The strength of this leadership…and engagement…isn’t always immediately felt upon creating the board or recruiting the new board member. As with many great things, the strength of the board is developed over time, through active involvement, and organizational understanding. One proven method to mature leadership and, at the same time, create organizational opportunity is by conducting annual board retreats.

Board retreats are integral to each non-profit organization’s success. They present opportunities to plan for the future by blending the vast amount of leadership, experience, skills, and ideas of the board’s members. As a result, organizations run more smoothly, where board members are more connected, and the interpersonal relationships of board and staff are strong.

Retreats serve as great “starts” or re-freshers for both organizations and their leaders. The most successful retreats…those which set the stage for future success…follow four key steps.
1. Planning – defining the purpose; planning meetings; self-assessment; presentation materials
2. Engagement – clear agenda; board “buy in”; interactive and fun
3. Strategy – creating goals and action steps; measurable results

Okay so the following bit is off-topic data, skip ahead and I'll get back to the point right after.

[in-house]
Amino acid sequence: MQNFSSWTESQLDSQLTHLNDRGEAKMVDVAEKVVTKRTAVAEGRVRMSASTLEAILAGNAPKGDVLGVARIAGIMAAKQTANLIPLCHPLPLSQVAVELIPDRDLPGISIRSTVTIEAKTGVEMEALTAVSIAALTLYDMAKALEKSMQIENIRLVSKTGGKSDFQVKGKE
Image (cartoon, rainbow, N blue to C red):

4. Follow-Through – developed through committee meetings; presented/reviewed at board meetings

A successful retreat hinges on the work of a well-focused team (board and staff), an interested and skilled facilitator, and a proactive agenda. Its success relies on the “buy in” and active involvement of its board members. This enables the board to openly challenge assumptions, address issues, foster interpersonal relationships, improve productivity, understand and clearly represent the mission/message, and develop strategies.

Have you scheduled your next board retreat? Whether it’s to address your organization’s board development, mission/vision, messaging/public relations, fund development, and/or strategic planning, now is the time to invest in your non-profit’s future.